Green Infrastructure as a Climate Action Planning Strategy for the Southwest
Outlook & Research Assistant
Isaac Palomo joined CLIMAS in the early Fall 2017 School Semester at the University of Arizona. He is currently a graduate student within the College of Architecture Planning and Landscape Architecture pursuing his Masters in Landscape Architecture. As sustainable landscapes as an emphasis in his undergrad SBE degree, he wanted to go deeper in the profession and opted to take the Accelerated Masters Program in Landscape Architecture. His research interests include integration of sustainable development into the built environment, such as the implementation of green infrastructure, and how extreme climate events may affect the urban fabric such as landscapes, planning and agriculture.
At CLIMAS, his primary tasks includes gathering background information on climate and environmental research for use by CLIMAS, organizing recent climate and environment stories of interest that may be included in the Rio Grande-Bravo and CLIMAS website, and translating RGBO and SWCO climate outlooks for each month.
The climate of southern Arizona is characterized by a few notable extremes, excess heat and lack of water. For the Pima County in the State of Arizona, average mean temperatures have been steadily increasing for the past 30 years.
Figure 1: West Wide Drought Tracker, created: 10-31-2017
Warm temperatures are one of the region’s most defining characteristics. According to the Western Regional Climate Center, in Arizona "high temperatures are common throughout the summer at the lower elevations and temperatures over 125 degrees F have been observed in the past”. The southwest region also records relatively low annual precipitation totals, averaging less than 12 inches of rainfall in the past year.
Figure 2: PRISM Climate Group, Oregon State University
A large percentage of precipitation that does fall occurs as intense rainfall during the monsoon (Jun 15 – Sept 30). Current projections for the future climate of the Southwest including forecasts of gradually warming temperatures, more frequent and intense heat wave events, and increased uncertainty about precipitation along with increased incidence of drought.
Population growth and competition over water resources places increasing demands on existing water supplies, which are subject to demand from end-users and fluctuating levels related to temperature and precipitation patterns. In order for the Southwest to increase its capacity to respond effectively to future changes in climate, the region must begin to integrate innovative solutions that support sustainable development.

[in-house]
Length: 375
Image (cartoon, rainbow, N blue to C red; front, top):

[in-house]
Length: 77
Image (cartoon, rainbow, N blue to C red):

Climate Adaptation Strategies: Green Infrastructure
Sustainable development has grown in popularity as cities in the southwest are increasingly looking for new strategies to assess and respond to the anticipated future climate and environmental changes. Preliminary approaches for implementing sustainable development first begin with understanding the regions’ climate; there first needs to be a clear understanding of what is causing the problem in order to move forward and address the larger issues. For the Southwest, an issue that has become a priority concern is the increased frequency of drought from warming temperatures due to climate change, and how that will impact the supply of water in the near future. In order to conserve water, communities in arid and semi-arid climates are increasingly recognizing green infrastructure as a cost-effective approach that conserves water and also manages stormwater.6
Green infrastructure refers to a set of practices that mimic natural processes to retain and use stormwater. By promoting infiltration, evapotranspiration, and harvesting throughout the landscape, green infrastructure preserves and in some cases restores natural water balance.6 Commonly referred to as a Low impact Development (LID), the system consists of soils and vegetation that are used to manage stormwater through mimicking natural flow of water and use it for multiple benefits for both the environment and community. The United States Environmental Protection Agency (EPA) has a list of different G.I. elements that can be woven into a community, ranging from small scale to large scale elements spanning entire watersheds. Strategies that are commonly seen in metropolitan regions such as Tucson include rainwater harvesting collection systems (cisterns), rain gardens (also known as bioretention and bioinfiltration), bioswales and green streets (combination of street curb cuts and bioswales) (See .
Image 1 (above): Original Street Curb Cut, source: Harvesting Rain Water. Multi-use rain-garden plant lists: Invitations to Deeper and More-connected relationships
Image 2 (below): Street Curb Cut After Improvements, source: Harvesting Rain Water. Multi-use rain-garden plant lists: Invitations to Deeper and More-connected relationships.
When implemented properly, green infrastructure has the potential to create more resilient communities and further strengthen their ability to respond to climate vulnerability. In order to be effective however, a city’s green infrastructure initiative must incorporate different guiding principles, one of which includes place-based approaches. Place-based projects are site-specific and community based. Implementation of such projects incorporates the community with stakeholders and these dual partnerships engage to ensure the planning process recognizes distinctions within a city across ecological, social and cultural dimensions.1
City-led Initiatives and Non-profit collaborations
The Southwest has a great capacity to respond to these alarming environmental stresses and to lead in ensuring stewardship with natural resources. One city within the Southwest that has already implemented place-based approaches regarding green infrastructure projects is Tucson. Tucson has established the Framework for Advancing Sustainability program where its intent is to create a decision-making framework that explicitly considers sustainability and facilitates sustainable development within the community. Under this framework, specific goals have been designed to address climate adaptation, which include the following:
- Encourage public and private action in support of resilient social and economic systems that can withstand the stress induced by anticipated climate change impacts within the region
- Provide outreach and education to the community to enable individuals and groups to take action to improve the sustainability of Tucson